nodes = slicer.mrmlScene.GetNodesByClass('vtkMRMLLinearTransformNode') nodes.UnRegister(slicer.mrmlScene) # reference count is increased by both the factory method and the python reference; unregister to keep only the python reference # ...
To avoid forgetting the UnRegister call, it is better to avoid factory methods whenever it is possible.
For example, instead of using the
CreateNodeByClass factory method and call
n = slicer.mrmlScene.CreateNodeByClass('vtkMRMLLinearTransformNode') slicer.mrmlScene.AddNode(n) n.UnRegister(slicer.mrmlScene)
this should be used:
n = slicer.mrmlScene.AddNewNodeByClass('vtkMRMLLinearTransformNode')
Note: MRML scene’s
CreateNodeByClass creates a node with the default settings set in the scene for that node type (using vtkMRMLScene::AddDefaultNode).
Similarly to other software, the current directory associated with Slicer corresponds to the folder the application executable is started from.
Since the current working directory can be changed anytime by any module or Python package (e.g., to more conveniently write files in a specific directory) and it is not possible to enforce that the directory is restored to the original.
Slicer provides a way to reliably access the working directory at startup time, through the
startupWorkingPath application property:
View layout definition
View layout definition describes what views (3D, slice, plot, table, etc.) should be displayed and where. It is specified by an XML string.
A layout may contain multiple viewports, each viewport is a separate window, which may be displayed in the main application window or separately, for example on a second screen.
XML elements and their attributes:
viewports: optional, if specified then it must be the root element. It can be used for specifying multiple viewports. It contains nested
layout: The layout elements describe widget containers that embed one or multiple items. Arrangement of items are specified by type attribute of the layout element. It may be root element or it may be nested in
truethen the user can resize the views in it by dragging the splitter between the views. Default size can be set using
splitSizeattribute of child items. Only for
name: unique name of the layout, required if there are multiple viewports. If name is not specified then the empty string will be used as name. The empty string is a valid name, which refers to the default viewport, i.e., that is displayed in the application’s main window.
label: optional, if specified then this will be used as
falsedisplay the viewport as a dockable widget.
dockPosition: If dockable, this can make the widget be docked by default. Valid choices are
item: container for view(s) or layouts, nested in
splitSize: default size if split is enabled in the layout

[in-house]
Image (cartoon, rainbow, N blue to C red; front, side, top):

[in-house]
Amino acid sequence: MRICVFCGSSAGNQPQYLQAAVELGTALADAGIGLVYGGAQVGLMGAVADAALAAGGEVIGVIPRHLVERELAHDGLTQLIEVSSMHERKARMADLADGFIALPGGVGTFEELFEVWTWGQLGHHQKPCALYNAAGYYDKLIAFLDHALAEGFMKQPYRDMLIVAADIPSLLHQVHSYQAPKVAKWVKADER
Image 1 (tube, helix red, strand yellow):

view: view widget, nested in
name: this name is displayed in the view’s title bar
verticalStretch: Relative size of views can be adjusted by specifying these stretch factors. The stretch factor must be an integer in the range of [0, 255].
column: row and column index. Only for
class: class of the view node, such as
singletontag: layout name of the view node (
2, … for 3D views;
Yellow, … for slice views)
property: contains view properties
name: property name, such as
viewlabel(displayed in the view’s title bar),
orientation(for slice views),
element text: property value
Example: Simple 4-up view layout
<layout type="vertical" split="true"> <item> <view class="vtkMRMLViewNode" singletontag="1"> <property name="viewlabel" action="default">1</property> </view> </item> <item> <view class="vtkMRMLSliceNode" singletontag="Red"> <property name="orientation" action="default">Axial</property> <property name="viewlabel" action="default">R</property> <property name="viewcolor" action="default">#F34A33</property> </view> </item> </layout>
Example: Layout containing two viewports
<viewports> <!--default viewport--> <layout type="horizontal"> <item> <view class="vtkMRMLSliceNode" singletontag="Red"> <property name="orientation" action="default">Axial</property> <property name="viewlabel" action="default">R</property> <property name="viewcolor" action="default">#F34A33</property> </view> </item> <item> <view class="vtkMRMLViewNode" singletontag="1"> <property name="viewlabel" action="default">1</property> </view> </item> </layout> <!--second dockable viewport--> <layout name="views+" type="horizontal" label="Views+" dockable="true" dockPosition="bottom">> <item> <view class="vtkMRMLSliceNode" singletontag="Red+"> <property name="orientation" action="default">Axial</property> <property name="viewlabel" action="default">R+</property> <property name="viewcolor" action="default">#f9a99f</property> <property name="viewgroup" action="default">1</property> </view> </item> <item> <view class="vtkMRMLViewNode" singletontag="1+" type="secondary"> <property name="viewlabel" action="default">1+</property> <property name="viewgroup" action="default">1</property> </view> </item> </layout> </viewports>